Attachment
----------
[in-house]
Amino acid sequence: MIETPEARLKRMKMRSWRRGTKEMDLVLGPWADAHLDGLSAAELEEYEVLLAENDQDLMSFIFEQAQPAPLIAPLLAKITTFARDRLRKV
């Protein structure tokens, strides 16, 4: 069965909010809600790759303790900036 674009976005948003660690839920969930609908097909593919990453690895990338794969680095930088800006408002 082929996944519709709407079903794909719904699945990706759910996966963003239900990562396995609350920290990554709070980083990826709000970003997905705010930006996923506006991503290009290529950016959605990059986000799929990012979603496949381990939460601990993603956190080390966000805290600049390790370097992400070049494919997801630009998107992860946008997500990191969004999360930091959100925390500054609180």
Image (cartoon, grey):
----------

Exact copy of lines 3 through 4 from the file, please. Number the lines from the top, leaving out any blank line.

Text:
């Protein structure tokens, strides 16, 4: 069965909010809600790759303790900036 674009976005948003660690839920969930609908097909593919990453690895990338794969680095930088800006408002 082929996944519709709407079903794909719904699945990706759910996966963003239900990562396995609350920290990554709070980083990826709000970003997905705010930006996923506006991503290009290529950016959605990059986000799929990012979603496949381990939460601990993603956190080390966000805290600049390790370097992400070049494919997801630009998107992860946008997500990191969004999360930091959100925390500054609180």
Image (cartoon, grey):